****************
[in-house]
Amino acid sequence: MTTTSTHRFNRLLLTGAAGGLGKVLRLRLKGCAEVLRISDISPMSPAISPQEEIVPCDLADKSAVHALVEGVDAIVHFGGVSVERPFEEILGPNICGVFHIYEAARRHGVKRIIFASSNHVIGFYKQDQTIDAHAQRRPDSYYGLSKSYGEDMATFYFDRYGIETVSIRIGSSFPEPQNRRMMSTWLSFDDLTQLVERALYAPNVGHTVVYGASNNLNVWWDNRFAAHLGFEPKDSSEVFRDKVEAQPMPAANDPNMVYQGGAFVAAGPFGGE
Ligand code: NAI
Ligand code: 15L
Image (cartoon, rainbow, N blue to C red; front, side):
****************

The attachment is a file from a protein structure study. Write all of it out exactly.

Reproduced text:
[in-house]
Amino acid sequence: MTTTSTHRFNRLLLTGAAGGLGKVLRLRLKGCAEVLRISDISPMSPAISPQEEIVPCDLADKSAVHALVEGVDAIVHFGGVSVERPFEEILGPNICGVFHIYEAARRHGVKRIIFASSNHVIGFYKQDQTIDAHAQRRPDSYYGLSKSYGEDMATFYFDRYGIETVSIRIGSSFPEPQNRRMMSTWLSFDDLTQLVERALYAPNVGHTVVYGASNNLNVWWDNRFAAHLGFEPKDSSEVFRDKVEAQPMPAANDPNMVYQGGAFVAAGPFGGE
Ligand code: NAI
Ligand code: 15L
Image (cartoon, rainbow, N blue to C red; front, side):